- We use heavy water or Deuterated water in Magnetic Resonance Spectroscopy
- Used as Moderator in Nuclear reactors
- We determine the metabolic rate of the human body by using it.
- We use it as the primary Tracer element for tracking the process of Photosynthesis in plants
- The magnetic field stabilization is maintained using Deuterium in Nuclear Magnetic Resonance Spectroscopy.
- Deuterium Oxide plays a vital role in the determination of the isotopologue of various organic compounds.
- In heavy water form, we use it in Infrared Spectroscopy
- Tritium an important aspect of Nuclear fusion reaction is kept at a constant stable state and also controlled by using Deuterium.
A stable isotopic form of Water, Deuterium Oxide contains 2 atoms of Deuterium and a single atom of Oxygen. Despite its structure, Deuterium Oxide is nonradioactive. Industrially, we also refer to it as Heavy Water. The chemical formula of Deuterium Oxide is D2O. Just like water, It is also colourless and odourless. The refractive index of D2O is Minus (-) 1.38.
Types of Deuterium Oxide
We primarily see Deuterium Oxide or Heavy Water in three forms:
- Semi Heavy Water – The chemical annotation of this heavy water type is HDO. One proton, one Deuterium, and one Oxygen atom make it up. Due to the equal number of protium and deuterium, they operate in an independent manner giving the water a state of dynamic equilibrium.
- Heavy Oxygen Water – We also refer to it as heavy density water. It is because it contains alternate isotopes of water like 17O and 18O. We generally use it in radiotracers and radiopharmaceuticals
- Tritiated Water – Rather than Protium, the water has Tritium which we also denote as 3H.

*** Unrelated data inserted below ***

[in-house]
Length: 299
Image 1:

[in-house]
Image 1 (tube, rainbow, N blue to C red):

Precautionary Measures to Take While Handling Deuterium
We often regard it as a non-toxic and non-corrosive substance. Further, it is highly flammable just like Hydrogen. SO proper anti-flammable outerwear is necessary while handling it.
Additionally, since it is heavier than Oxygen, it can replace it and cause asphyxiation. Immediate oxygen administration is mandatory to prevent further internal organ damage.
FAQ on Deuterium
Question 1: Is Heavy Water drinkable?
Answer 1: Contrary to popular belief, heavy water is neither corrosive nor radioactive in its pure form. A small amount of Heavy water does not cause any harm. However, prolonged usage or drinking in large volumes can result in poisoning.
Question 2: What are the chemical properties of Deuterium?
Answer 2: It is present in a gaseous state. It has no odour or colour, nor does it have any radioactive properties.
Question 3: What is the impact of Deuterium on Living Organisms?
Answer 3: It has a very unique Physiochemical structure, in addition to a very strong Kinetic isotopic behaviour pattern. Though we see no radical change, however, cells treated with Deuterium show a significant altercation in the process of cellular regeneration and energy metabolism. However, these changes are specific to a certain variety of organisms only. Humans are conducting Massive Marine researches to understand the kinetic isotopic behaviour of Deuterium in various different living organisms.